A Lesson for the Politburo Standing Committee
Political commenter Li Weidong has revealed an encounter with a lecturer to the Politburo Standing Committee (PSC) on Weibo:
I recently heard a teacher talk about his experience giving a lecture to the Politburo Standing Committee. It goes something like this: About six months prior, Genie asks the Chinese Academy of Social Sciences, the Central Party School, the Development Research Center of the State Council, and every university to choose potential lecturers. After a rigorous vetting process, all of those selected are put in a hotel to prepare the lessons together. The drafts are given to the relevant ministries or commissions to check, depending on the issues touched upon, and the instructors are told what they cannot say. Thus the drafts are revised again and again. At the time of the lecture, the instructor cannot depart from the script. The result is that “I use my own words to reiterate the Number One ideology.”
一目十行已忘: If this is true, then a certain committee member’s breadth is by no means “great.”
磨系辅导员: Yep, when our boss hears a lecture, he feels like he’s met his soulmate, someone who really understands him.
佛学作家明一居士: I know two “national teachers.” It’s pretty much like this.
timonkun: This is the modern version of Shuntian Times.
The Shuntian Times (literally “Obey Heaven Times”) was founded in the early 1900s in the Japanese legation of Beijing and was funded by Japanese investors. In the early years of the Republic of China, Yuan Shikai’s son, Yuan Keding, had “special issues” of the paper made and delivered to his father which urged a return to the imperial political system. The elder Yuan became the first president of the republic in 1912. After a brief campaign to restore the monarchy, the elder Yuan was elected emperor by the National People’s Representative Assembly on December 11, 1915. The unpopular Empire of China lasted only until the following spring, and the weakened republican government was restored in March 1916.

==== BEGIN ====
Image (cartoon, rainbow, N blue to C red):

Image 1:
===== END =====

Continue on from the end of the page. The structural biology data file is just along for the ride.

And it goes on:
The Shuntian Times, nicknamed the “Disobey Heaven Times” and boycotted in many Chinese cities, folded in 1930.
李晋宁: It’s better not to lecture than to lecture like this. [The leaders] will not be warned, dissuaded, or protected from the mistaken and the improper; on the contrary, the experts will prove them right and make them more intractable. What’s the difference between this and the younger Yuan’s fake edition of the Shuntian Times?
培伦爸爸: It would be fine if there were just acting, but worse if they are really into it. When the Number One finds to his surprise that the experts and professors just “happen” to have the same ideas as himself, he’ll be even more determined to walk the “correct path.”
山行老翁1: When you are giving a lecture, everything other than your voice is set by the Party.
唐建光: A mutually-deceptive society.
Read more comments at CDT Chinese.
Translation by Mengyu Dong.